by Dennis Dalman – firstname.lastname@example.org
After 25 years as a dance teacher, Shelly Teff likes to tell her friends she “has grown old in the gym.”
They laugh at her because there is nothing “old” about Teff. Her love of dancing and the joy of working with students keeps her young, and those who know Teff know there is enough passion and energy in her to teach dancing for another 25 years – at least.
This year is the 25th anniversary of the Sartell-St. Stephen Education Program Danceline. It was started by Teff when her daughter, Missy, was in second grade in what is now the District Services Center. At that time, Teff decided Missy and her friends needed something, a special and creative activity beyond what the school offered. The dance classes were a hit and soon they filled with other girls. The program has grown every year and now averages 210 girls ages pre-school through senior high school for a variety of age-category classes three times a week.
Missy, the daughter Teff taught way back then, has been her loyal dance-instruction assistant throughout all those years. Besides serving as emcee for the shows, Missy choreographs the ever-popular dazzling light-show dance every year. She lives in Hopkins and is employed by United Health in Minnetonka.
The culmination of all the choreography and practice is the annual Spring Dance Show, which is always packed to standing-room-only with proud parents, siblings and relatives of the many dancers.
“I don’t know off-hand how many students I’ve taught,” Teff said. “But it’s got to be in the thousands. Right now, we are compiling lists of names of every girl who was ever in the program. Their names will be displayed on a board during our big show April 20 (1:30 p.m.) at the high school. We’ll also have lots of photos from all those years on display at the show.”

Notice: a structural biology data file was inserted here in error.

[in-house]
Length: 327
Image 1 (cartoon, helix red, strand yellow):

That spring show, which will be the formal 25th anniversary celebration, will take place Saturday, April 20 at Sartell High School. Teff is inviting any and all former dancers to be a part of the show. Teff and others are putting out “all-point bulletins” to all danceline alumni, asking them to show up for a quick-and-easy rehearsal from 7-9 p.m. Friday, April 19 at Sartell High School the day before the show. Teff is hoping at least 60 alumni will agree to be in the show, which will feature a combination of old songs and new, plus the scintillating light-show finale, which will be as colorful and bright as a 25-candle-power birthday cake.
“The oldest alumna is my daughter and the others who were in my first class, so they are about 33 years old right now,” Teff said.
Plans for the spring show include, of course, lots of weekly practice for dancers in this year’s program. Classes will begin Monday, Feb. 11. Anyone interested should call Sartell-St. Stephen Community Education office at 253-4036. Girls can join any time during the first week of classes (Feb. 11-18). They and their parents can just show up if they like. Alumni who would like to be in the spring show should also call community education at 253-4036.